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Would You Get Tested? March 18, 2007

Posted by Johan in Abnormal Psychology, Behavioural Genetics.

(via Slashdot)

The NY Times has a long story on what it’s like to be diagnosed with Huntington’s Disease early, decades before the first symptoms. In a cruel twist, the woman that the article follows works at a nursing home, looking after, among others, Huntington’s patients.

Huntington’s Disease is a heritable condition, which results in gradual but massive degradation of the brain. The condition is caused by an abnormal number of repeats on the short arm of chromosome 4, and the number of repeats predicts the onset of the disease. Initially, symptoms such as jerky, uncontrollable motions appear, but this is followed by personality changes, cognitive impairments, and loss of control over in particular the mouth and the face, eventually rendering the patient unable to swallow. Huntington’s Disease is a dominant trait, meaning that unlike other genetic diseases such as Haemophilia, you only need to inherit the disease from one parent. This, coupled with the rareness of the disease, means that in most cases, the child of a Huntington’s patient has a 50 % risk of inheriting the disease, unless both parents have Huntington’s or the afflicted parent is homozygous (ie, inherited the disease from both of their parents).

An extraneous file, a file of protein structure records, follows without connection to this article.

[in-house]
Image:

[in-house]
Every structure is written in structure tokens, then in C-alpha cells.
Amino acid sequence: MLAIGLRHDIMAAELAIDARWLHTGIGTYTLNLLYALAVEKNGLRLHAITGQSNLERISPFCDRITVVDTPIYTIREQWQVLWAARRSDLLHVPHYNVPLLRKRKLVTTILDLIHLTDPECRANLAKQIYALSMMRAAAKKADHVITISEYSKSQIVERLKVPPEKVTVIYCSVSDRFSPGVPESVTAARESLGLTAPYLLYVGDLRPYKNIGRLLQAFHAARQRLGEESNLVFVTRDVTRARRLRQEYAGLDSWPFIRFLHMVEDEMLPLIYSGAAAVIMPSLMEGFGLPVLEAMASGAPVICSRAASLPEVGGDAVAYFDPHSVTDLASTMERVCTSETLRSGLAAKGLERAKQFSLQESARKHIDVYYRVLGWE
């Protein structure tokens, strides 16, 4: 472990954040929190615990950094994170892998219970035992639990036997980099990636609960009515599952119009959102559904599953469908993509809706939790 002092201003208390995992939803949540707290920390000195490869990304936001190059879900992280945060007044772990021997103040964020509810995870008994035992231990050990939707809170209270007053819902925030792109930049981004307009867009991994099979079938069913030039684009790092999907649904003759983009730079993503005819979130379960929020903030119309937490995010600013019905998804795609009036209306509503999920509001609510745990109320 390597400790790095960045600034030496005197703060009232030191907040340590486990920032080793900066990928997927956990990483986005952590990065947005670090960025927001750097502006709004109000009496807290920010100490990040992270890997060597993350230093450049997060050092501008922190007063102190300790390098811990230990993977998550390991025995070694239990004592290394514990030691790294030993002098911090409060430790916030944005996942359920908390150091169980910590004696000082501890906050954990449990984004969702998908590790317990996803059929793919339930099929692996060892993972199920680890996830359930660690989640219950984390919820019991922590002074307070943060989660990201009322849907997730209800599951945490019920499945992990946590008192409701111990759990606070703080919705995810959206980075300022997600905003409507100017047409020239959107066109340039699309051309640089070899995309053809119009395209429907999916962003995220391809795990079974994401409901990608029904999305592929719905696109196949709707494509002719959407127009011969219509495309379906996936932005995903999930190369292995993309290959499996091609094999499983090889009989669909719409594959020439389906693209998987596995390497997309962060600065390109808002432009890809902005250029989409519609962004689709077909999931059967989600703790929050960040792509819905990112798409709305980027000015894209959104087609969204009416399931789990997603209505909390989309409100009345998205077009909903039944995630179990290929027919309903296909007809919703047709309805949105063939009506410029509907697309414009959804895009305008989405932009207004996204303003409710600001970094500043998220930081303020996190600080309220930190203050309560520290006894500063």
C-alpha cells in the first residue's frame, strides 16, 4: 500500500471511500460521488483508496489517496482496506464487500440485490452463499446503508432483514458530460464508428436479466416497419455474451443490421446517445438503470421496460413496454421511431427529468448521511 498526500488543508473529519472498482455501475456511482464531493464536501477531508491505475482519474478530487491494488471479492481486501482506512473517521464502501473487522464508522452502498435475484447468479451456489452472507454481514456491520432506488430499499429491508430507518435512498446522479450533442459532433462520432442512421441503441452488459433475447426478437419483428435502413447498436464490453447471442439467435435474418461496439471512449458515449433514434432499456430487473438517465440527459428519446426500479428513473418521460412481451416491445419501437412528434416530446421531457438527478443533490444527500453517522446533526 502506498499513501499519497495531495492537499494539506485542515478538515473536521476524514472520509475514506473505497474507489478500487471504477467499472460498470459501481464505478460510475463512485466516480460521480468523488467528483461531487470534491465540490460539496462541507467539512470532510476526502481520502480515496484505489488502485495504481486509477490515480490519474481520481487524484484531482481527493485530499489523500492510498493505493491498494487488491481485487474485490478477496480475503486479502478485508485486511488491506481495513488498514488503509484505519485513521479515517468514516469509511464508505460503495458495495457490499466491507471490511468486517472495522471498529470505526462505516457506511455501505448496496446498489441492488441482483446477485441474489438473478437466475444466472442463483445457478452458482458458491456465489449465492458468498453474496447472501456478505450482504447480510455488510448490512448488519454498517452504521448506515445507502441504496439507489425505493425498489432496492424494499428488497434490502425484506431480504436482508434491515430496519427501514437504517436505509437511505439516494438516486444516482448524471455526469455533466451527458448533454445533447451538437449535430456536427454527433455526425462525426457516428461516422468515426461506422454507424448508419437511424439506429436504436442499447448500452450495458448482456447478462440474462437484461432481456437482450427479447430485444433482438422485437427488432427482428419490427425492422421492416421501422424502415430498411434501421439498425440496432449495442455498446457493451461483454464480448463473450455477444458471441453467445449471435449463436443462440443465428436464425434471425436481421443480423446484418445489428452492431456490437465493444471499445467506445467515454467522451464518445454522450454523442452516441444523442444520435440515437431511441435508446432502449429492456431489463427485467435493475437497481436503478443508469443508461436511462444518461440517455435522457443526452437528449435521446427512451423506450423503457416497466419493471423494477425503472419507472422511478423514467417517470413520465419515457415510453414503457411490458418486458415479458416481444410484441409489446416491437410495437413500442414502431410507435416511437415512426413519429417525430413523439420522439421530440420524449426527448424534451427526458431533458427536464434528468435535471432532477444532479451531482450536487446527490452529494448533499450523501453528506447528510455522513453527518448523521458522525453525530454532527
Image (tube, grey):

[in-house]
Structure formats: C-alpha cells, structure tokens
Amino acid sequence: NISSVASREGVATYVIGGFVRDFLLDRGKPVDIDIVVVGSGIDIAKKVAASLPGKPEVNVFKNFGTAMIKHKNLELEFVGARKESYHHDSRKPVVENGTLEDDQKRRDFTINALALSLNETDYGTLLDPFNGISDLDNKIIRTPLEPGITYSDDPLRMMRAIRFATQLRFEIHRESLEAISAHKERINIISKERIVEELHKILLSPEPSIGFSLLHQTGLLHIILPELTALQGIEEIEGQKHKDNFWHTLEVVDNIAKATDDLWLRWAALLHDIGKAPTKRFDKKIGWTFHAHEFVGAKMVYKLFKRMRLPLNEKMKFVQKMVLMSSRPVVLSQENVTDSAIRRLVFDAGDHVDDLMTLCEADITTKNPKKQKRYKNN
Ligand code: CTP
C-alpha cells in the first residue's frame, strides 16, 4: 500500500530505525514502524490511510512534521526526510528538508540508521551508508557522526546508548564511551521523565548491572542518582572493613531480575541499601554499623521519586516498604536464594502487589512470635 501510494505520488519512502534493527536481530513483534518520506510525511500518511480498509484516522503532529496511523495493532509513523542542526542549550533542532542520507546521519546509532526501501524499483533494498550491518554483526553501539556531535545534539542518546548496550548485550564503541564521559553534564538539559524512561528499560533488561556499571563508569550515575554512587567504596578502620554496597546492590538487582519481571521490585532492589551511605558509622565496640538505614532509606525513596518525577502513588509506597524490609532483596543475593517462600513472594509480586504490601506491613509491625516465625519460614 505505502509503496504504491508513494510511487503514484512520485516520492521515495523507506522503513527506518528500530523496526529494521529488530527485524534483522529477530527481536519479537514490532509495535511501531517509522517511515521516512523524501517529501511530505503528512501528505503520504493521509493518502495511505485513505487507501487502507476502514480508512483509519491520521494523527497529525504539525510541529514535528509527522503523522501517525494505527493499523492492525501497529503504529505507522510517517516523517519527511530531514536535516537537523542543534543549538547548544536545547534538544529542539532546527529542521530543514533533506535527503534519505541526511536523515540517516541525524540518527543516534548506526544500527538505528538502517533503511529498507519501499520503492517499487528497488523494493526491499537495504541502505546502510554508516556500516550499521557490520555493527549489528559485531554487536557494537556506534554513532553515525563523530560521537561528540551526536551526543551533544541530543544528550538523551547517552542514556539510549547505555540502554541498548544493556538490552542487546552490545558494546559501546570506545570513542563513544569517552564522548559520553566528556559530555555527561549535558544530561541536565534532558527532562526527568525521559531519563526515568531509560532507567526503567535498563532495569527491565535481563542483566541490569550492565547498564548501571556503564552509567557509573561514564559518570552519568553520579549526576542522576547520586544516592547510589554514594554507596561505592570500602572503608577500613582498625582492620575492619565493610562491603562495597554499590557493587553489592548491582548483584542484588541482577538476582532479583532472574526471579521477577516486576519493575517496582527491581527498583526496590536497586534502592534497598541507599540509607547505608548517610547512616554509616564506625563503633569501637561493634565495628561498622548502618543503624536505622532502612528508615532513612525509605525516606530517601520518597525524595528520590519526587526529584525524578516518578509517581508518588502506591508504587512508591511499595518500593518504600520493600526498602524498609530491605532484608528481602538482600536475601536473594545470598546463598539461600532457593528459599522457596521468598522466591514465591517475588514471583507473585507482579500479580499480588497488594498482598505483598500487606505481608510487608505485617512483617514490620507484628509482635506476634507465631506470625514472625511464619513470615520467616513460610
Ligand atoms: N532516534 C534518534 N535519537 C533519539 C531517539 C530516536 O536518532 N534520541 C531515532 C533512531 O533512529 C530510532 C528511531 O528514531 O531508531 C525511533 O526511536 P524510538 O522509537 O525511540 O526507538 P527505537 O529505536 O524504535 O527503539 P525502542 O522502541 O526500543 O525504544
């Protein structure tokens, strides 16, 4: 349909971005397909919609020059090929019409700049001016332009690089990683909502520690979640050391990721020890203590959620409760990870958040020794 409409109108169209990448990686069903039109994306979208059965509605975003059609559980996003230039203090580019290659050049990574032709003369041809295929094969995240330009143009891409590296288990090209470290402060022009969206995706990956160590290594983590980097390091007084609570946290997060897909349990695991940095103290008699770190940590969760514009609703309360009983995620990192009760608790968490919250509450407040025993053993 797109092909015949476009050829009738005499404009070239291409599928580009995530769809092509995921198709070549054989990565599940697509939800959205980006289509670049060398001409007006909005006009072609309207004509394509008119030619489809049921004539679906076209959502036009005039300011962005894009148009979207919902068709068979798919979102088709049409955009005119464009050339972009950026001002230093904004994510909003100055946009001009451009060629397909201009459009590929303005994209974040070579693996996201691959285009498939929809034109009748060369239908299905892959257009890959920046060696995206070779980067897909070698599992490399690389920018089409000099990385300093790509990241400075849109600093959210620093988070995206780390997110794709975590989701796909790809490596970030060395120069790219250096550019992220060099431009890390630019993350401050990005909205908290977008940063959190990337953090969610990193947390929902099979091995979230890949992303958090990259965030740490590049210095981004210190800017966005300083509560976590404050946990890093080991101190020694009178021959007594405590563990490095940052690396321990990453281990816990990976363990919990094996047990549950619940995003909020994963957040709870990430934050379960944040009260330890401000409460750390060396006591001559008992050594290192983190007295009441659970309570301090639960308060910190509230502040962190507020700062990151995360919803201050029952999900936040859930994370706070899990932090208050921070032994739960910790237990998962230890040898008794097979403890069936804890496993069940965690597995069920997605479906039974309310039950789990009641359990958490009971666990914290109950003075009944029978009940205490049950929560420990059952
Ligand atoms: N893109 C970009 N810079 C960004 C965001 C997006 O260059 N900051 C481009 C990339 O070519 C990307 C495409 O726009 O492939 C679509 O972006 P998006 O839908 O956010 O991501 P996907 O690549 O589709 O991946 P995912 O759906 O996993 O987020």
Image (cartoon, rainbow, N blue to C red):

While a test has been available for some time, many people with Huntington’s in their family choose not to get tested, as a positive result is essentially a death sentence. The woman in the NY Times story seems to be of the opposite opinion: she felt that she could not plan her life until she knew how much time she would have.

I also came across a short documentary made by a man whose mother is afflicted. It’s a good opportunity to get a glimpse into what the disease is like.


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